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  7. I think he would have appreciated Marx just as much as any other post-Marx philosopher. Marx was one of the most important political philosophers of the modern era. I think he also wouldn't be fool enough to fall for simplistic critiques of things like " it takes a village," a statement that is a plain matter of fact.

    JMJ

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  8. With respect to Marx, agreed. Although our our views on whether he was a net positive or net negative influence probably differ

    As for your closing, the statement simply is what it is. As Jerry says, "the devil is in the details."

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  9. It does take a village, Les. Otherwise you have one weird ass kid.

    JMJ

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  10. I guess it depends on your view as to what it means to "raise a child." I think a strong, cohesive, loving, and supportive family (immediate and extended) is important to successfully raising a child. The influence of teachers, coaches, spiritual leaders, etc. plays a part in helping to shape a child's view of life as well. But is the immediate family influence during a child's early developmental years that lays the foundation for a well adjusted and successful adult life. In most cases.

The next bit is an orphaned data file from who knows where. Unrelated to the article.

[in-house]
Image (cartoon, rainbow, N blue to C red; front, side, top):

I sure as hell wouldn't want the "village" of Detroit, Oakland, DC, Los Angeles, Chicago, or numerous other large drug infested and crime ridden cities "raising" my children if I was still of child rearing age.

    But in the name of tolerance, good luck with the noble belief and effort.

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  11. About quotes from famous people: These remind me of how clairvoyants operate. The fortuneteller asks a few leading questions to fish for a clue; then proceeds to tell your fortune based on flimsy feedback. Usually, the forecast is abstract and ambiguous – you can read anything into it.

    Thus, a pithy little quote becomes a kind of Ink Blot test for anyone of any persuasion. I find it funny how liberals and conservatives want to own the same author, each extracting different messages from the same passage. The tiniest nugget of candor turns the wheels of telepathy, divination, prognostication, and conspiracy theories: Charlatanry at its finest. This is why I said recently: "A dwarf clairvoyant who has just escaped from prison is a small medium at large."

    Perhaps this Voltaire quote is apt for the occasion: “In my life, I have prayed but one prayer: Oh Lord, make my enemies look ridiculous. And God granted it.